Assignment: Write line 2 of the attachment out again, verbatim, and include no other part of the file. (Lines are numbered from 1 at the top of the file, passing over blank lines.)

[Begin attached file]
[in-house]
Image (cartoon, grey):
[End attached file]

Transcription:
Image (cartoon, grey):